Using the Trailer Hitch To Haul Bicycles - 2016 Tesla Model X Long-Term Road Test

2016 Tesla Model X Long-Term Road Test

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2016 Tesla Model X: Using the Trailer Hitch To Haul Bicycles

by Dan Edmunds, Director of Vehicle Testing on June 28, 2016

2016 Tesla Model X

I understand that you're tired of hearing about the so-called "Falcon Wing" doors on our 2016 Tesla Model X. I'm equally tired of harping on them, quite frankly, but those doors are liable to stand in the way of it being named the official car of the US Ski Team or any pro cycling team.

The need to carry such things as bikes, snowboards, kayaks, surfboards and roof storage pods is a fairly basic SUV requirement. But with the Model X's roof off limits, its factory tow hitch is the only way that cyclists and skiers can tote their gear. The way forward for kayakers and families that need extra road-trip storage is less clear.

Tesla painted themselves into a corner with those doors, in other words, and the hitch was their way out. They simply had to provide one, and the towing shortcomings I uncovered during my recent tow test supports my growing suspicion that actual towing may not have been the prime motivation.

But I digress.

2016 Tesla Model X

I've had this Yakima four-bike rack for more than a dozen years. It plugs into a standard 2-inch receiver-style tow hitch, and there's a pin that allows it to hinge down to ease access to the hatch. But that's not practical when bikes are attached, so I have to plan it so they're the last items I load and the first things I unload.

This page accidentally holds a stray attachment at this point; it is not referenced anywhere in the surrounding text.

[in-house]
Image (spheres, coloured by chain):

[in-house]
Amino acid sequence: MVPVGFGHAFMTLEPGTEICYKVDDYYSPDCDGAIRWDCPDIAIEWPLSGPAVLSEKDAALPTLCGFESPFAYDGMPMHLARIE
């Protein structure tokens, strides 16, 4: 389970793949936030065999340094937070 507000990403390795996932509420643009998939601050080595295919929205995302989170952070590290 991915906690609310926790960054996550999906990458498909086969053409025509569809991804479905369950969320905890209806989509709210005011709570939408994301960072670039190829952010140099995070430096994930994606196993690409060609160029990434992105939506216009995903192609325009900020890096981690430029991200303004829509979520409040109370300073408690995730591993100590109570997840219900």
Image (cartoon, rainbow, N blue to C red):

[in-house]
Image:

That's the thing about hitch-mounted racks — they prevent access to the main cargo compartment.

2016 Tesla Model X

The bikes hang far off the back, but here they don't block the high-resolution back-up camera too much. However, it is necessary to engage tow mode to turn off the rear sensors so the car won't constantly think I'm about to back in to something.

2016 Tesla Model X

This use case is why the trailer hitch on the Model X needs to exist. The decision to bless it with a tow rating seems like an outgrowth of its mere existence, a necessary move along the lines of "If you build it, they will tow." But in my view they should have stopped at 2,000 pounds (or less) and called it a day.

If any pro cycling team figures they can deal with the issues of a Tesla's charging and range, they'd be better off with the Model S instead. It does not have (or need) a hitch, thanks to its conventional roof with built-in rack tie-in points that can support a bike rack — or a ski rack, a kayak rack, a surfboard rack or a roof storage pod.

In many ways the Model S is a more flexible cargo-carrying machine than the Model X because it has not been saddled with those silly you-know-what doors. Just sayin'.

Dan Edmunds, Director of Vehicle Testing @ 4,933 miles

  • Full Review
  • Pricing & Specs
  • Road Tests (1)
  • Comparison
  • Long-Term

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